home improvements
Brent Poole
Home Improvements

“Hi Brent,” was the greeting I received when entering a new client’s home. “This way, come through.” I followed behind and wandered into the kitchen.

“Here are the plans, we are ready to proceed with our new kitchen renovation,” my client tells me, smiling from ear to ear like a Cheshire cat.

“I will have the team here next week and we will get you your dream kitchen.” I replied. The client goes on to inform me that everything has been ordered, including appliances. The drawings will be here for me as a contractor to work from. It should be a walk in the park, I think to myself. Then again there are always demons bouncing about, never really knowing what you will discover when you start a new renovation.

It was all going smoothly. The top cupboards have been removed, when my sparky stops by. He and I are checking dimensions and measurements from the drawings. A problem reveals itself very quickly!

A new nightmare for my clients to digest, are my thoughts. I connect with them and ask for a site meeting the following morning. Time will tell I think to myself.

The following day, bright and early, I arrive on site with my clients beaming at how the work had been progressing. This was all about to change. A short conversation later, raised voices, upset feelings, emotions running too high, a decision had been presented and agreed upon.

What happened honestly happens to more people than you can imagine. To start with the kitchen was not large but had the potential to be dazzling, albeit but for a few minor alterations. The person who sold herself as being a kitchen designer had completed the initial task of drawings for the new kitchen but had gotten the measurements somewhat wrong. That is putting it very politely!

• The wall units had positioned the appliances together: a large two-fold door fridge alongside the oven, hot against cold. The oven, which was at waist high, had a microwave above. When you opened the door to the microwave to remove hot food, it stood five feet high, a little too high for safety?

• The island was a nice add-on to the kitchen in the drawings, but when placed in the real world it took up too much space. Following the drawings meant the fridge could not fully open. Would you want this? Not only that but the door to the outside garden, which opened inwards like all doors in our province, only half opened. (Talk about incorrect measurements.) Again, would you want this?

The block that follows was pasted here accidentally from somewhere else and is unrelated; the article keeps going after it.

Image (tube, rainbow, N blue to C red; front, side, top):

What this all boils down to are simple mistakes like this can cause major headaches. When deciding on any renovations, always consult an expert. These drawings had been put together by a friend who was in the business. I would not recommend them though.

You must be sure that everything works. You have to take into account doors and their openings. Think about how the kitchen will work. Perhaps measure it out on a sheet of paper, place the pieces together to give you a better perspective of what it might be like. But even then, looking at a piece of paper, three dimensional or not, will not always give you the right outcome.

The site meeting brought forward some corrections and the job was finished, but it should never have come to that point. Remember consulting the experts is great, you have to live with your decisions, so it is important to be happy with the finished result.

Brent Poole is the owner operator of Handy Hands Construction, which he has run with his father Jim since 1997. A carpenter by trade, Brent enjoys all types of projects. “We’re not happy until you are happy!”